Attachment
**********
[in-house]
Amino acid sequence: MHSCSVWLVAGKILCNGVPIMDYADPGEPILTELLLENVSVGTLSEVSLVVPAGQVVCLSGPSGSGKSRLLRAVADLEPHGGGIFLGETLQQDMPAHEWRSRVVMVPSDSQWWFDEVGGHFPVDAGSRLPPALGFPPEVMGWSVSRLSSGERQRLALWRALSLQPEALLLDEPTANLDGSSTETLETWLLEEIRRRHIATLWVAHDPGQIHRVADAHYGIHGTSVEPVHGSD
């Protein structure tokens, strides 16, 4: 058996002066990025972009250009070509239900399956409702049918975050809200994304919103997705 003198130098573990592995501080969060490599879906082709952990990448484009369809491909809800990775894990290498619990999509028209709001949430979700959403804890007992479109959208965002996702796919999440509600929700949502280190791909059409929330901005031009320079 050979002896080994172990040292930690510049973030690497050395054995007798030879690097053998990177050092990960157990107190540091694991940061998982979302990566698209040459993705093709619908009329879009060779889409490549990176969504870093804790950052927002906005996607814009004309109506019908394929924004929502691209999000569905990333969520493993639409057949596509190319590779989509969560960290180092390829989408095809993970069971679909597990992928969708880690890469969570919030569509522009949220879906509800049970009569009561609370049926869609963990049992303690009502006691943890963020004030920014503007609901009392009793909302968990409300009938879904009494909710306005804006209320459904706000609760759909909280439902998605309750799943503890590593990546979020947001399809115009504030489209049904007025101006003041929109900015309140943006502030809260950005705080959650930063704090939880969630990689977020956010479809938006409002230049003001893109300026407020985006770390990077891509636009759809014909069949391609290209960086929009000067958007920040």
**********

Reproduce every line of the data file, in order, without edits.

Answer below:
[in-house]
Amino acid sequence: MHSCSVWLVAGKILCNGVPIMDYADPGEPILTELLLENVSVGTLSEVSLVVPAGQVVCLSGPSGSGKSRLLRAVADLEPHGGGIFLGETLQQDMPAHEWRSRVVMVPSDSQWWFDEVGGHFPVDAGSRLPPALGFPPEVMGWSVSRLSSGERQRLALWRALSLQPEALLLDEPTANLDGSSTETLETWLLEEIRRRHIATLWVAHDPGQIHRVADAHYGIHGTSVEPVHGSD
């Protein structure tokens, strides 16, 4: 058996002066990025972009250009070509239900399956409702049918975050809200994304919103997705 003198130098573990592995501080969060490599879906082709952990990448484009369809491909809800990775894990290498619990999509028209709001949430979700959403804890007992479109959208965002996702796919999440509600929700949502280190791909059409929330901005031009320079 050979002896080994172990040292930690510049973030690497050395054995007798030879690097053998990177050092990960157990107190540091694991940061998982979302990566698209040459993705093709619908009329879009060779889409490549990176969504870093804790950052927002906005996607814009004309109506019908394929924004929502691209999000569905990333969520493993639409057949596509190319590779989509969560960290180092390829989408095809993970069971679909597990992928969708880690890469969570919030569509522009949220879906509800049970009569009561609370049926869609963990049992303690009502006691943890963020004030920014503007609901009392009793909302968990409300009938879904009494909710306005804006209320459904706000609760759909909280439902998605309750799943503890590593990546979020947001399809115009504030489209049904007025101006003041929109900015309140943006502030809260950005705080959650930063704090939880969630990689977020956010479809938006409002230049003001893109300026407020985006770390990077891509636009759809014909069949391609290209960086929009000067958007920040």